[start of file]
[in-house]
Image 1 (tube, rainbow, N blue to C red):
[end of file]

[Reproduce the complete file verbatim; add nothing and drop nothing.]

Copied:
[in-house]
Image 1 (tube, rainbow, N blue to C red):